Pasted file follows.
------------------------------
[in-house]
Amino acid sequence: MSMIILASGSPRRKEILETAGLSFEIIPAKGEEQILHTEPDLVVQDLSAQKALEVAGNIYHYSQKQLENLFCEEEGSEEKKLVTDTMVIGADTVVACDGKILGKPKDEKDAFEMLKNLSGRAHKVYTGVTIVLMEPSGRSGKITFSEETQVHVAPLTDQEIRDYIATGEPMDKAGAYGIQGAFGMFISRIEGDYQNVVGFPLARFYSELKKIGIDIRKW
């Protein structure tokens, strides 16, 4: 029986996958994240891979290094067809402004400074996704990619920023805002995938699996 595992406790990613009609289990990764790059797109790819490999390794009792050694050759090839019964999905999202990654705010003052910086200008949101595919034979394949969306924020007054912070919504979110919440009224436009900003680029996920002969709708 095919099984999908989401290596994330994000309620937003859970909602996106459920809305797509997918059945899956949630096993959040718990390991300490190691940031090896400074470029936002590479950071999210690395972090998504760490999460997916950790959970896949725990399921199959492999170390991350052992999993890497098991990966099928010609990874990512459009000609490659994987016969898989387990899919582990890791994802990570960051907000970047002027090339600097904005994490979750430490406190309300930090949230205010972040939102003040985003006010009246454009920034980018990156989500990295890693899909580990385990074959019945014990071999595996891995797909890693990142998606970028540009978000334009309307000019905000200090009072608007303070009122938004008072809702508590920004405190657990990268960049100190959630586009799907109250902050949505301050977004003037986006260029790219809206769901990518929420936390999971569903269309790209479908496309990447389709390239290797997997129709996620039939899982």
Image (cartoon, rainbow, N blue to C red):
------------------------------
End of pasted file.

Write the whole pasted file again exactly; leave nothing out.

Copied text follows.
[in-house]
Amino acid sequence: MSMIILASGSPRRKEILETAGLSFEIIPAKGEEQILHTEPDLVVQDLSAQKALEVAGNIYHYSQKQLENLFCEEEGSEEKKLVTDTMVIGADTVVACDGKILGKPKDEKDAFEMLKNLSGRAHKVYTGVTIVLMEPSGRSGKITFSEETQVHVAPLTDQEIRDYIATGEPMDKAGAYGIQGAFGMFISRIEGDYQNVVGFPLARFYSELKKIGIDIRKW
């Protein structure tokens, strides 16, 4: 029986996958994240891979290094067809402004400074996704990619920023805002995938699996 595992406790990613009609289990990764790059797109790819490999390794009792050694050759090839019964999905999202990654705010003052910086200008949101595919034979394949969306924020007054912070919504979110919440009224436009900003680029996920002969709708 095919099984999908989401290596994330994000309620937003859970909602996106459920809305797509997918059945899956949630096993959040718990390991300490190691940031090896400074470029936002590479950071999210690395972090998504760490999460997916950790959970896949725990399921199959492999170390991350052992999993890497098991990966099928010609990874990512459009000609490659994987016969898989387990899919582990890791994802990570960051907000970047002027090339600097904005994490979750430490406190309300930090949230205010972040939102003040985003006010009246454009920034980018990156989500990295890693899909580990385990074959019945014990071999595996891995797909890693990142998606970028540009978000334009309307000019905000200090009072608007303070009122938004008072809702508590920004405190657990990268960049100190959630586009799907109250902050949505301050977004003037986006260029790219809206769901990518929420936390999971569903269309790209479908496309990447389709390239290797997997129709996620039939899982």
Image (cartoon, rainbow, N blue to C red):